This Rapid Blog comes to us from Carlos Garay Negrón, a Trans Latinx activist, community advocate, musician, and queer/trans theorist. Their theory work is centered around intersectional analyses of trans and queer experience through the media lens, and their praxis is focused on empowering marginalized communities to enact transformative change.
Meeting the parents when you’re trans is always a stressful proposition.
I remember sitting on my partner’s parents’ couch, tapping my feet on the floor as their huge golden retriever insisted on slobbering all over me, thinking to myself: “Will they misgender me? Will they misgender him? How long until the questions start coming in?” The questions are the worst part: invasive and prodding interrogations into what we are, especially surrounding our bodies.
My partner and I are both trans, both used to the discomfort of being analyzed or spread out for investigation by people; parents, who have known us since before they knew we were trans, can often inadvertently engage in that line of questioning.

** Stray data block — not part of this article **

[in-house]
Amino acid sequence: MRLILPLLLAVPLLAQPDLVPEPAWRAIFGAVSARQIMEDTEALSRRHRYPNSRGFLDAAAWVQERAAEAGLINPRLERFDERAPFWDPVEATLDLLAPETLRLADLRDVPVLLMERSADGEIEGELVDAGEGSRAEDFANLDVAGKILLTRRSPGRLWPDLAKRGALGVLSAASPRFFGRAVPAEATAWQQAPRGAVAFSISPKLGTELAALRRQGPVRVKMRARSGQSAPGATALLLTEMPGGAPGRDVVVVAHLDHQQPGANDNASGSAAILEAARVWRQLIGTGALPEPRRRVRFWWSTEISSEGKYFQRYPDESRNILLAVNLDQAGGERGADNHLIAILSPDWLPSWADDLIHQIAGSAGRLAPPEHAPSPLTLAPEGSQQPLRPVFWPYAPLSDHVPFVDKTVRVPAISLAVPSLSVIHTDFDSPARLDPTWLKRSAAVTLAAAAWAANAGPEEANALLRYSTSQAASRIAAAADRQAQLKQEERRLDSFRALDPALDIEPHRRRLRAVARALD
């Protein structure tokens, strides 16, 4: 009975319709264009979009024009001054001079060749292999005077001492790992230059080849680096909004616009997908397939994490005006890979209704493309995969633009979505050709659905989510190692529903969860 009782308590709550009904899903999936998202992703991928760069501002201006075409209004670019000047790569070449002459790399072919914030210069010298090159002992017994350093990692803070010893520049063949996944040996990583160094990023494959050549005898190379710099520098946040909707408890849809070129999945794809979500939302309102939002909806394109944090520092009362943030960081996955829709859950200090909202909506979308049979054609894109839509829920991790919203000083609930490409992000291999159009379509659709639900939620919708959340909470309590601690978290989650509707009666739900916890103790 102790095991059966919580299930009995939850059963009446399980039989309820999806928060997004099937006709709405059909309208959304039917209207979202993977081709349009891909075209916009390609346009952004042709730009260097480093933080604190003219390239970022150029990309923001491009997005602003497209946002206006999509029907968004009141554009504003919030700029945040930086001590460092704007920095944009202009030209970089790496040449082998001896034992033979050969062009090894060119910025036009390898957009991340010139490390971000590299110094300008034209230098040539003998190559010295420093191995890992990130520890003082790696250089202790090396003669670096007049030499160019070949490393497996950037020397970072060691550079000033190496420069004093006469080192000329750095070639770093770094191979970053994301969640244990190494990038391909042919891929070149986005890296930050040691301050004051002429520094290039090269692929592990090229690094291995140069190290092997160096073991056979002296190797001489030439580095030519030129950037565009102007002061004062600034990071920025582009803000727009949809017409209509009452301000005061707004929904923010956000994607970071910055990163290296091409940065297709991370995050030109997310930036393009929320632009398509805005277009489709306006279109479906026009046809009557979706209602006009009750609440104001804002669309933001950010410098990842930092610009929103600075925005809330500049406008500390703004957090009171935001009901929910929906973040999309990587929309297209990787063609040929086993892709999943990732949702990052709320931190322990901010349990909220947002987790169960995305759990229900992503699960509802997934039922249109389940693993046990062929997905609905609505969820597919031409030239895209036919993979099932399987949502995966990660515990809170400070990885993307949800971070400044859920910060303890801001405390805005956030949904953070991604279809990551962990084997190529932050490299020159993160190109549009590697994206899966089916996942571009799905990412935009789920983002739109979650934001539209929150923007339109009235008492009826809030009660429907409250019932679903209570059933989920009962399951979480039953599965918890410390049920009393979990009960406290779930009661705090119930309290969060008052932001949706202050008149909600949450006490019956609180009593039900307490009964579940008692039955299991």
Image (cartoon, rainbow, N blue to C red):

Furthermore, these questions coming from people who care for us can make it that much more hurtful.
But the questions didn’t come. Aside from some pronoun mistakes, the experience was nice and made me feel comfortable having finally met “the ‘rents.” On our way back to his apartment, my partner received a text from his mom: “You two are adorable. You would make beautiful babies.”
Those last five words were enough to sour the evening.
Remarks like “you would make beautiful babies” speak to the importance visibility has for trans folx. Transphobic statements show us visibility isn’t just the opposite of invisibility, but also of misidentification; being seen in ways we don’t want to be seen. In a media where trans images are either stereotypically transphobic roles by cisgender actors or conventionally attractive—and overwhelmingly white—passing bodies, misidentification is just as harmful as not being seen at all.